The baton was between 1.30 and 1.60 meters long, composed of the staff and the crowning element, an open tempietto containing a statuette of the standing Virgin and Child.  The baton was the sign of the dignity of the chorister (chanter) of Notre Dame, who, after the Dean, was the most important dignitary of the Chapter of Notre Dame.  In 1538, the chorister was Martin Ruzé, whose name, however, does not appear in any of the documents related to the baton.  The baton is listed in the inventories of the Treasury of the chapter from 1538 until 1790.  It seems to have been melted down along with most of the other treasures of the chapter in 1791.  In the 1539 inventory, it is described as surmounted by a fleur de lys; a fleur de lys is at the top of the tempietto in Rosso’s drawing.  But in the inventory of 1626, it is described as surmounted by a false colored stone, which in 1790 is said to be red.  Grodecki believed that this colored stone replaced the fleur de lys, but from a picture of the baton of 1669 (see below), it seems that the stone replaced only the uppermost part of it.

Of the several representations of the baton, the best, as pointed out by Grodecki, appears in color as part of the decorative band at the top of a page of a large choir book painted in 1669 by Étienne Compardel (Fig.Compardel; Fig.Étienne Compardel) in the Musée Notre-Dame (Grodecki, 1988 [1989], 21, Figs. 4-5).  Here it is depicted twice for the sake of the symmetry of the design.  Although the painted batons are clearly related to that of Rosso’s drawing, they are not identical to it.  What cannot be known is whether these differences are those seen in the actual baton.  Among various possibilities, the design could have been slightly altered by Rosso himself before the goldsmith executed it, or the design could have been altered by the goldsmith.  Compardel may also have made changes.  The proportions of the painted tempietto are more squat, while the supporting element beneath it is taller.  In the miniature the arches of the tempietto spring from immediately behind the urns above the piers; they are set farther back in Rosso’s drawing to form a less airy canopy than appears in the seventeenth century depiction.  The Virgin carries the Child in her left arm and there is no indication of a book.  The knob at the top of the staff has a different design.  Furthermore, there is no unadorned area on the staff where in the drawing appears the hand that grasps the baton.  But in the miniature the end section of one of the batons can be seen with its terminal ring and point.

Grodecki pointed out that the single angel head beneath the base of the tempietto is replaced in the miniature by a small enameled shield, blue with nine gold spots, which, although impossible to identify, are probably fleurs de lys.  The arms are not those of the chapter or of Martin Ruzé.  Grodecki thought it might be a royal shield and hence indicate that the baton was originally partly paid for by the crown.  Of course, it is possible that this shield is a replacement for the angel’s head, perhaps made when the fake ruby was added to the top.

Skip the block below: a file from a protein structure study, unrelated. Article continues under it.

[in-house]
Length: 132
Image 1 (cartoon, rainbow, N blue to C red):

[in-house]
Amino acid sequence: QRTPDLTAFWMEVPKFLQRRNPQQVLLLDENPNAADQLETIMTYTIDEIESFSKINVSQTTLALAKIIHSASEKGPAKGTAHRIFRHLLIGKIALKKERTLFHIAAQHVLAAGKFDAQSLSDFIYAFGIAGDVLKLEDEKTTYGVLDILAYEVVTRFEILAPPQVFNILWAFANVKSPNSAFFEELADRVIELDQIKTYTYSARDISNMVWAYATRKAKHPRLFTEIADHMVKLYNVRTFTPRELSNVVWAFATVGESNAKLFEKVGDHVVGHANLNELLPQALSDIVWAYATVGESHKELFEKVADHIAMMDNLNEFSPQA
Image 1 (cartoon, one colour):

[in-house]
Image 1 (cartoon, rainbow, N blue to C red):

I am inclined to believe that Compardel’s batons, while based on the baton as executed, are not as faithful a representation of it as the finesse of the miniature might incline one to think.  Their proportions are especially wrong.  However, the canopy of the tempietto is similar to what appears in the depiction of the baton on a wood relief of the decoration of the choir stall (Fig.Choir stall relief) that was made at the beginning of the seventeenth century (Grodecki, 1988 [1989], 21, Fig. 6, 22), suggesting either that the image of the relief was derived from Compardel’s miniature, or that at some time before 1668 the original canopy of the baton was remade as it appears in that painting.  This could have been before 1626, by which time the fake ruby appeared at the top.  The armorial shield could also have been added then.

 


1 Béguin, 1988 (1989), 10, stated that the yellow wash was placed where the silver baton was to be gilt.

2 More specifically on the execution of the drawing: the hand and sleeve are drawn in black chalk with a pale gray-brown wash, but faint traces of black chalk are also found in the upper part of the drawing; the yellow wash to indicate gilt, apparently, is found on the ornamentation of the shaft, on the cherubs’ heads, on some of the architectural elements of the baldachin; on the Virgin and Child, the yellow wash is mixed with the gray-brown wash.  Béguin, 1988 (1989), 8, said the drawing was pricked, but she may be referring to the pin holes found in the “tempietto,” which were probably not for the transfer of this image but for the transfer from another perspective drawing by Rosso made in preparation for the finished drawing.

3 From Grodecki, 1988 (1989), 17.  George A. Wanklyn informed me that the principal notary is Claude Martin and that Boreau is another notary acting as a witness.  The latter is either Jean Boreau (active 1516/1517-1544) or Claude Boreau (active 1534-1588), both of whom appear in the documents pertaining to Rosso’s activity published by Grodecki in Grodecki, 1975.  Grodecki, 1988 (1989), identified Boreau as Jean Boreau, and Claude Martin as the notary attached to the chapter and the primary signer on the drawing.

4 For another contract drawing of this type also to be used by Macé Begault and three other Parisian goldsmiths, see George A. Wanklyn, “Le présent offert à Henri II par la Ville de Paris en 1549,” RdA, 46, 1979, 25-30, and Béguin, 1988 (1989), 8-9, 16, n. 11.

5 Grodecki, 1988 (1989), 17, gave his name as Macé Begault, the name of the master goldsmith on the drawing.  But the document actually gives “Matheo Begault.”